72. A Bill Forbidding and Punishing Affrays
Be it enacted by the General Assembly, that no man great nor small, of what condition soever he be, except the ministers of justice in executing the precepts of the Courts of Justice, or in executing of their office, and such as be in their company assisting them be so hardy to come before the Justices of any court, or other of their ministers of justice doing their office, with force and arms on pain to forfeit their armour to the commonwealth and their bodies to prison at the pleasure of a court, nor go nor ride armed by night nor by day, in fairs or markets or in other places in terror of the country, upon pain of being arrested and committed to prison by any Justice on his own view, or proof by others, there to abide for so long a time as a jury, to be sworn for that purpose by the said Justice, shall direct, and in like manner to forfeit his armour to the commonwealth.
But no person shall be imprisoned for such offence by a longer space of time than one month.
Report description begins Report of the Committee of Revisors Appointed by the General Assembly of Virginia in MDCCLXXVI, Richmond, 1784 description ends , p. 51. Text of Act as adopted is in Hening, description begins William W. Hening, The Statutes at Large; Being a Collection of All the Laws of Virginia description ends xii, 334.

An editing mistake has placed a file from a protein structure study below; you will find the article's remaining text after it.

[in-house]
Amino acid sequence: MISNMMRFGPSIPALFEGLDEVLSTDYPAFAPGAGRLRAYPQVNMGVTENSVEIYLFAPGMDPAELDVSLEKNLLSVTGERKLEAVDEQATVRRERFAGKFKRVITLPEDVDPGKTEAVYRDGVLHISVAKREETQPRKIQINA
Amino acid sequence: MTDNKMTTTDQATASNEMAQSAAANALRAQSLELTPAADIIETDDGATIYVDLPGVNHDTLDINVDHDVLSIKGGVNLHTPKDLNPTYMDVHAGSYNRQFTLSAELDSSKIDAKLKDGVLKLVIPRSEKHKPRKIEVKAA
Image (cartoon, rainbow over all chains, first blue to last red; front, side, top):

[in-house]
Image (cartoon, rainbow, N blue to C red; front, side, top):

Bill presented by Madison 31 Oct. 1785 and on 14 Dec. postponed to the next session (JHD description begins Journal of the House of Delegates of the Commonwealth of Virginia (cited by session and date of publication) description ends , Oct. 1785, 1828 edn., p. 12–15, 92). At the Oct. 1786 session it was passed by the House on 18 Nov. and by the Senate on 27 Nov. (same, Oct. 1786, p. 16–17, 44, 46, 48, 64, 126). The text of the Act as adopted is identical with the Bill as proposed; its operation was suspended until 1 July 1787 (Hening, description begins William W. Hening, The Statutes at Large; Being a Collection of All the Laws of Virginia description ends xii, 410–11). This Bill is a good example of TJ’s retention of the language of early English statutes, with its archaic provision for the forfeiture of “armour,” &c. It is also a good example of TJ’s ability to condense the involved language of the earlier English statutes that he thought worthy of retaining in the revision (see Edward Coke, The Third Part of the Institutes of the Laws of England, London, 1680, ch. lxxiii, “Against going or riding armed,” p. 160).